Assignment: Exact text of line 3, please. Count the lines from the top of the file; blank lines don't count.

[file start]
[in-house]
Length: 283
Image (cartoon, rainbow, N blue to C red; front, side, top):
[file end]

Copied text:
Image (cartoon, rainbow, N blue to C red; front, side, top):